Katakolon, Greece, is a very little town close to Olympia where the Olympic Games were born. Again it was very warm that day.
Dubrovnik in Croatia is called the Pearl of the Adriatic and it is well deserved. There it was in the mid to high 80s in the shade.
Then it was back to Venice and to Nice in France after a short flight.
While in Nice we took the train to go to Monaco - it only takes 15 minutes by train.
We also decided to visit Menton, the French town which is the closest to Italy. We really enjoyed visiting it and I took many pictures. It was about 29 minutes from Nice by train.You can see a group of trees in the top right corner of the postcard below. They are in an old cemetery. We walked up there and I took many pictures.
This all may sound like some very expensive travel but, when planned carefully, it is not. For example our studio in Nice (rented through a French agency) came a lot cheaper per night than in a hotel and we could eat there too. Our train ride to Monaco, round-trip senior rate was about 9 Euros for the two of us (about $14.) While in Monaco we took the local bus and ate a delicious pizza in a brasserie - it did not break our bank but then, we did not go inside the casino... We hardly watched any television but I bought a French magazine which was talking about the US presidential campaign. The cover said "Voyage a travers l'Amerique qu'on aime et celle qui nous fair peur" which translates as "Travels across the America we love and the one which scares us."
In the magazine it stated that everyone follows the US elections because what this country does can affect the rest of the world. They said that President Obama had been too much of a centrist but they were afraid of Mitt Romney who they called an "extremist" on the Right. The article stated that it was not easy to find out what Mitt Romney stood for as he had changed his position many times but that most of his policies were the same as the Bush Administration and they remarked that he is controlled by the extreme Right (using the same advisers, advocating higher military spending, tax cut for the rich, no environmental program and climate change denier.) Climate change is a high priority in Europe. But it was nice during our trip not to have to listen to all the political talks like we hear here. These are the things I saw: most people wearing black or dark clothes, even though it was quite warm. I saw many models of cars that we do not have in the US - small station wagons looking like miniature SUVs but hardly any standard SUVs - I think I only saw ten or less in 3 1/2 weeks (I saw that many driving within 2 miles of my house upon my return!) I saw many people walking - and some ladies on very high heels. I saw both men and women in tight jeans and trousers. Even teenagers did not wear "baggy" jeans as they do here (the few I saw were American tourists.) There were many flavors of ice cream in the "gelati" shops, even in Ukraine and Turkey. I hardly saw any golden leaves in trees - they were still green. When we arrived home it was like coming into another season - autumn.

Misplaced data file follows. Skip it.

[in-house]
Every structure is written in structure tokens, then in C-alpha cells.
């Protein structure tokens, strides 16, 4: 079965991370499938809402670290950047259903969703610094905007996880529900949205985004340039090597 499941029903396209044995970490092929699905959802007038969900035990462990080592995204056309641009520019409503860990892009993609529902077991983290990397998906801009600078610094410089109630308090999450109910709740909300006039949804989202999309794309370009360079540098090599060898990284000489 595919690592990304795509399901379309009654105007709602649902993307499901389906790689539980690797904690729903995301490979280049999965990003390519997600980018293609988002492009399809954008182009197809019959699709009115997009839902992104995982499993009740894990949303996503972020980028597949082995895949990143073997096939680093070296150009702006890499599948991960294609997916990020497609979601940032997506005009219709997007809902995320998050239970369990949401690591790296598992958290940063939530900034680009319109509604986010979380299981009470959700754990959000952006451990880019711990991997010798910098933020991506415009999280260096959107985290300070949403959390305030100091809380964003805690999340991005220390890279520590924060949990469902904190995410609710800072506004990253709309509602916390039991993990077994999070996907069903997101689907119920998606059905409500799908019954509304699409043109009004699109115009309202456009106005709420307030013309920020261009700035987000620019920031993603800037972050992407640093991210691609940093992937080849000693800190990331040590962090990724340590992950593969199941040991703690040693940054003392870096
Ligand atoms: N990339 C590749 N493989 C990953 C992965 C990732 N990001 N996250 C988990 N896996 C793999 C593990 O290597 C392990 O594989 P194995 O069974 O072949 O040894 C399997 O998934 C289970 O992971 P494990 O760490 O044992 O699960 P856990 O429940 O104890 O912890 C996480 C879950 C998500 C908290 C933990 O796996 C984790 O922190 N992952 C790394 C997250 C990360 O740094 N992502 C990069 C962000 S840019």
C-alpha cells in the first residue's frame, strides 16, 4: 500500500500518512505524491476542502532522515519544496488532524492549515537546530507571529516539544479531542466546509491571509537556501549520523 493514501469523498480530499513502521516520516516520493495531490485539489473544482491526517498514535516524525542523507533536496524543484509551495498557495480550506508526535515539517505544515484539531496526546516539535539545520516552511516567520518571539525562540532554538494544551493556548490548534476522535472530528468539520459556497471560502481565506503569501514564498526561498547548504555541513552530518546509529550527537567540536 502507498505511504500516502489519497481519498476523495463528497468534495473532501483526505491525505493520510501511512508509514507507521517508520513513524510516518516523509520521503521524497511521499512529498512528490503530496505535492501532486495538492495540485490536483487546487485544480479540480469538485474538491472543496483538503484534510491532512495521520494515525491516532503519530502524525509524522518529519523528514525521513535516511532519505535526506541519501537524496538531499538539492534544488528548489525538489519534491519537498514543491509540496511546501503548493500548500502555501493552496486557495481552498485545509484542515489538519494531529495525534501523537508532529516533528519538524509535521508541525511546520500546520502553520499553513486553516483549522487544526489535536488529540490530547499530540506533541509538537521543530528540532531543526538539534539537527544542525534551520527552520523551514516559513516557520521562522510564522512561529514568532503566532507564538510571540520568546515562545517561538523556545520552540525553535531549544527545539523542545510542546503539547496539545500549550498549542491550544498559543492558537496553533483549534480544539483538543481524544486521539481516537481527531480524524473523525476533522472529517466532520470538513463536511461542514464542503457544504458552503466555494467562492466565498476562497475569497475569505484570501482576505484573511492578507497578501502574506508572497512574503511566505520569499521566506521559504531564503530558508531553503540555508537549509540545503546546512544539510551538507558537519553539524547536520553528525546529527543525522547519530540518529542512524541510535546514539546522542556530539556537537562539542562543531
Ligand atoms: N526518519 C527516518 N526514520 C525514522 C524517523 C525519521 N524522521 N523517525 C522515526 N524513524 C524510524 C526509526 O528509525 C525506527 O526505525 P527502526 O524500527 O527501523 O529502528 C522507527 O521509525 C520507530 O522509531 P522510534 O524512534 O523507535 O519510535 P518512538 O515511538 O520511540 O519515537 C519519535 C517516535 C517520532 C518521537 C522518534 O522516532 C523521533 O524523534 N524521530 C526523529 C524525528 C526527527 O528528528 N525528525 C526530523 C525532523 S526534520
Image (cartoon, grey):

The trees in our yard had glorious colors.
We have a skylight in our kitchen. I can just look up and see the change of colors while I'm drinking coffee.
My daughter Celine helped me with a new template for my blog so I hope this will help with my spacing problem. It was fun reading her guest post - I enjoyed it. Now I have to get busy downloading the pictures from this trip and reading all the missed posts from my bloggy friends.